Transducers for magnetic recording have generally included a magnetic head of the type including a core having an air gap which cooperates with the magnetic fields of the recording to be transduced. The magnetic fields flow through the low reluctance core material. A coil cooperates with the core and a voltage is induced in the coil as the magnetic fields change. The magnetic fields must be changing or varying fields to induce a voltage in the coil. The voltage induced is proportional to both the flux and the rate of change of flux. The output of the transducer is, therefore, dependent upon the frequency of the changing magnetic fields. Equalizing circuits are associated with the output of the transducer to compensate for the latter effect.

It is a general object of the present invention to provide an improved transducer.

It is another object of the present invention to provide a magnetic transducer capable of operation from D.-C. to frequencies of megacycles or more.

It is another object of the present invention to provide a transducer whose response is linear with frequency.

It is a further object of the present invention to provide a transducer which is temperature insensitive, rugged and easy to manufacture.

It is still a further object of the present invention to provide a transducer capable of providing an output signal having relatively large power to eliminate in many instances the necessity for preamplifiers.

It is still a further object of the present invention to provide a transducer which is capable of providing an amplitude modulated carrier output wave.

It is a further object of the invention to provide a transducer for comparing signal waveforms.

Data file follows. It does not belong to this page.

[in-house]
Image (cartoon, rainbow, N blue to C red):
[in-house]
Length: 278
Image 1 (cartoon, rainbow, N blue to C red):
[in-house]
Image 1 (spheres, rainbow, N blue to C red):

The foregoing and other objects of the invention will become more clearly apparent from the following description taken in conjunction with the accompanying drawings.

Referring to the drawing:

FIGURE 1 is a plan view of the transducer in cooperation with a magnetic tape;

FIGURE 2 is a sectional view taken along the line 2-2 of FIGURE 33;

FIGURES 3A and 3B are rear views of the device shown in FIGURE 1;

FIGURE 4 is a front view of the device shown in FIGURE 1;

FIGURE 5 is a side elevational view of the device shown in FIGURE 1;

FIGURES 6A and 6B schematically illustrate magneto-resistive elements which can be employed in the transducer;

FIGURE 7 is the equivalent magnetic circuit for the transducer illustrated in FIGURES 1-5;

FIGURE 8 is the equivalent electrical circuit for the transducer illustrated in FIGURES 1-5;

FIGURE 9 is a typical curve of resistance as a function of flux for a magneto-resistive element;

FIGURE 10 is a curve showing the frequency response of the transducer;

FIGURE 11 shows another embodiment of the invention;

. FIGURE 12 shows still another embodiment of the invention.